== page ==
The measure will “contribute to the largest income equality gap in our future,” she predicted.
But other liberals focused on changes they won since the rollout of the first version of the Senate bill, which initially included far less oversight of the companies receiving money. The final version, in contrast, includes restrictions on stock buybacks, executive raises and dividend payouts.
In addition, Warren successfully pushed for an oversight panel that will evaluate how the money is distributed, along with an inspector general to watch for fraud and abuse. She chaired a similar panel created as part of the $700 billion Troubled Asset Relief Program passed in 2008.
Airlines will have to report loans within 72 hours, instead of six months as Republicans initially proposed. Other companies must report loans within two weeks, compared with the initially proposed six-month period.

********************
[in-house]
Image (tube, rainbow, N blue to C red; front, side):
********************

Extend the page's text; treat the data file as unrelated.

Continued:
Warren spoke with Senate Minority Leader Charles E. Schumer (D-N.Y.) about a dozen times as Democrats pressed for changes in the Senate bill, including a phone call shortly before the vote when she pushed for more transparency for the loans, according to a person familiar with the conversations who spoke on the condition of anonymity to discuss them frankly.
In a sign of Democratic leaders’ urgent desire to be seen as working with the party’s liberal flank, Schumer frequently credited Warren in news interviews. Warren recently dropped out of the Democratic presidential race, while Sanders is still assessing his options, and party leaders would fervently hope to bring their supporters into the fold.